Structural basis for coupling protein transport and N-glycosylation at the mammalian endoplasmic reticulum

Science. 2018 Apr 13;360(6385):215-219. doi: 10.1126/science.aar7899. Epub 2018 Mar 8.


Protein synthesis, transport, and N-glycosylation are coupled at the mammalian endoplasmic reticulum by complex formation of a ribosome, the Sec61 protein-conducting channel, and oligosaccharyltransferase (OST). Here we used different cryo-electron microscopy approaches to determine structures of native and solubilized ribosome-Sec61-OST complexes. A molecular model for the catalytic OST subunit STT3A (staurosporine and temperature sensitive 3A) revealed how it is integrated into the OST and how STT3-paralog specificity for translocon-associated OST is achieved. The OST subunit DC2 was placed at the interface between Sec61 and STT3A, where it acts as a versatile module for recruitment of STT3A-containing OST to the ribosome-Sec61 complex. This detailed structural view on the molecular architecture of the cotranslational machinery for N-glycosylation provides the basis for a mechanistic understanding of glycoprotein biogenesis at the endoplasmic reticulum.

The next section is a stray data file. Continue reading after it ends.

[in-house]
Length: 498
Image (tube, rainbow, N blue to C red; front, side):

Publication types

  • Research Support, N.I.H., Extramural
  • Research Support, Non-U.S. Gov't

MeSH terms

  • Cryoelectron Microscopy
  • Endoplasmic Reticulum / metabolism*
  • Glycosylation
  • HEK293 Cells
  • Hexosyltransferases / chemistry*
  • Hexosyltransferases / ultrastructure
  • Humans
  • Membrane Proteins / chemistry*
  • Membrane Proteins / ultrastructure
  • Models, Molecular*
  • Protein Conformation
  • Protein Transport
  • Ribosomes / chemistry*
  • Ribosomes / ultrastructure
  • SEC Translocation Channels / chemistry*
  • SEC Translocation Channels / ultrastructure


  • Membrane Proteins
  • SEC Translocation Channels
  • Hexosyltransferases
  • STT3A protein, human
  • dolichyl-diphosphooligosaccharide - protein glycotransferase